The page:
Monday, August 14, 2017

Get me to the Church on time

The last major piece of the Barbarossa terrain board is going to be a small wooden church, done in classic Orthodox style.  I ran across a few images in a quick google search, focusing more on smaller, simpler versions.

This is essential, since time and space are an issue.  We will be placing this on the small "island" in the center of the board.  That will provide not only a visual centerpiece, but lots of line of sight screening too!

To match the existing buildings, I chose the simple A frame roof designs, and set about making some quick measurements.  I will be using the same thin pink foam underlayment that I have been using for previous structures.

Once the pieces were set, I used a pen to create a quick log texture on the walls.  I could have gotten fancier with this, but time constraints meant that I had to make do.

The four basic shapes are ready to glue to the base.  I had to leave enough windows for troops to shoot from, but I wanted to restrict the access to the interior by having just one door.

Also, the extreme roof pitch had to factor in, which is why the windows seem so low on the walls.

The initial pieces glued to the base with the strong, fast setting wood glue.

The roof will be made from a thinner hardboard, which is nothing more than the discarded backing of a palette pad.  Any sort of notebook backing, etc., is great for this purpose.  It is strong, light, and has a thinner profile than the pink foam.

This also has to be removeable from the main section of the building to place troops inside.

I used a few small pieces of painter's tape to secure the parts together as they dried.

A few left over pieces of thicker insulation foam will form the spire and the dormers.  I used my cut out piece of roof foam to get the correct angles for cutting the lower spire.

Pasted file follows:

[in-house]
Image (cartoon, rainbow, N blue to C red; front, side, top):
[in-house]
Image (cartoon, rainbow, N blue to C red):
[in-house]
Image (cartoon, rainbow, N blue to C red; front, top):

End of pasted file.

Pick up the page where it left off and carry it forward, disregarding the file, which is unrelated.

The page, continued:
On this would be placed a chunk of plastic tubing, left over from a roll of green stuff.  I cut and shaped a piece of thick foam to create the "onion dome", which was then sanded.  I will be putting some stucco like material on that surface to smooth it out prior to painting.

To add the extra roof line dimension seen in the reference pictures, I made a simple A frame roof piece to place over the doorway.  A few vertical strips of the thin foam would hold it in place.

I glued it in place, careful not to get any glue on the roof section.  Otherwise I would not be able to take that away for troop placement!  The added benefit of this decorative piece is that it would help to hold that large roof section where it belonged.

Again, the pieces are held in place as the glue dries with painter's tape, and I started to look for some ideal pieces of thick foam to make the dormers for either side of the main spire.

As before, I used my discarded roof line cut outs to gauge the angles needed to match the roof pitch.  The insert image shows the secondary cuts made to create a roof line for the dormer itself.  These should not be too huge.

Just as I did with the front decorative roof section, more of the hardboard was used to make slightly overhanging roofs for each dormer.

Once the dormers were in place, and the glue had a little time to set, I wanted to make some roof boards that would match one of the reference images, and a few of the actual buildings on the board.  This would take the form of long planks.  

Only one of our roofs had shingles on it, and doing the long boards would reduce the amount of time needed.  As usual, time is very scarce for these projects, and that is a frequent compromise.

The factors of playbility, strength, realism, time and cost all play into the development of these pieces.  Over time, I have been able to really maximize and minimize these 4 elements.

I will post the rest of the construction tomorrow, so stay tuned!